KUALA LUMPUR, Malaysia (CNN) -- After more than three weeks, the search for Malaysia Airlines Flight 370 has come down to this: a lot of floating rubbish, hundreds of heartbroken relatives and, now, quibbling over words that everyone acknowledges offer no clues into what happened to the doomed plane.
Malaysian authorities on Tuesday released the transcript of radio chatter between air traffic controllers and the plane in the hour or so before it vanished while flying from Kuala Lumpur, Malaysia, to Beijing on March 8 with 239 people on board.
And while the transcript offers no clues about the plane's mysterious disappearance, one glaring discrepancy has highlighted criticisms of how Malaysian officials have handled the investigation.
The transcript shows the last voice transmission from the doomed plane was "Good night Malaysian three-seven-zero," not the "All right, good night" transmission authorities had previously used.
That authorities had given such an incorrect version earlier this month and allowed it to stand uncorrected for weeks undermines confidence in the investigation, air accident investigation experts told CNN.
"High criticism is in order at this point," said Mary Schiavo, a CNN aviation analyst and former inspector general for the U.S. Department of Transportation.
Malaysian officials have defended their work. Acting Transport Minister Hishammuddin Hussein recently said, "History will judge us well."
But Michael Goldfarb, a former chief of staff at the Federal Aviation Administration, said people following the investigation "haven't had a straight, clear word that we can have a lot of fidelity in."
"We have the tragedy of the crash, we have the tragedy of an investigation gone awry and then we have questions about where we go from here," he said.
Search 'could drag on'
And where we go from here is a very big question.
After refocusing their search on Friday to a new patch of Indian Ocean hundreds of miles from where they had been looking, authorities still have yet to find anything definitively linked to Flight 370.
Ten aircraft and nine ships crisscrossed a 46,000-square-mile (120,000-square-kilometer) search zone on Tuesday. As of late Tuesday night, Australian search coordinators had not announced any significant results.
With so many planes in the skies over the search zone, Australia sent an airborne air traffic control plane to guard against accidents.
Australian officials have vowed to keep up the search off their west coast, a search the head of the country's new Joint Agency Coordination Centre warned could take time.
"It's not something that's necessarily going to be resolved in the next two weeks, for example," retired Air Chief Marshal Angus Houston told reporters Tuesday.
The plane disappeared over the waters between Malaysia and Vietnam, after signing off with Malaysian controllers but before checking in with their counterparts in Vietnam.
Authorities don't know what happened on board after that, but radar and satellite data show the plane turned off course and flew back across Malaysia before turning south over the Indian Ocean.
Based on sophisticated analysis of satellite data, investigators believe it went down in the southern Indian Ocean, but can't pinpoint a precise location.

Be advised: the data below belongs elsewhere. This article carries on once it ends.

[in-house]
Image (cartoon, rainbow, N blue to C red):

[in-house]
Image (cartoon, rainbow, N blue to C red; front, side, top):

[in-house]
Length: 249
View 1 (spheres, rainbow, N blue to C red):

Source: Plane's turn considered 'criminal act'
A Malaysian government source told CNN on Monday that the airliner's turn off course is being considered a "criminal act," either by one of the pilots or someone else on board.
In a background briefing given to CNN, Malaysian investigators said they believed the plane was "flown by someone with good flying knowledge of the aircraft."
A senior Malaysian government official last week told CNN law enforcement analyst Tom Fuentes that authorities have found nothing in days of investigating the two pilots that leads them to any motive, be it political, suicidal or extremist.
More help on the way
An Australian ship carrying U.S. Navy search gear was on the way to the search zone. The ship is carrying a pinger locator designed to listen for the locator beacons attached to the plane's flight data recorder, as well as a submersible capable of scanning the ocean floor for wreckage.
The equipment won't be of any use, however, until searchers are able to find wreckage from the plane to help narrow the search zone.
That's because neither the pinger locator nor the submersible is capable of quickly scanning the enormous area being searched.
Under favorable sea conditions, the pingers can be heard 2 nautical miles away. But high seas, background noise, wreckage or silt can all make pingers harder to detect.
It will take the ship, the Ocean Shield, two more days just to get to the search zone, leaving precious little time to locate the plane's flight data recorders before the batteries on its locator beacon run out.
The batteries are designed to last 30 days. The plane has now been missing for 25.
Michael Pearson reported and wrote from Atlanta; Jim Clancy reported from Kuala Lumpur; CNN's Catherine E. Shoichet, Holly Yan KJ Kwon, Barbara Starr, Will Ripley, Richard Quest, Nic Robertson, Sara Sidner, Mitra Mobasherat, Kyung Lah and Yuli Yang also contributed to this report.
Posted by Greg Palmer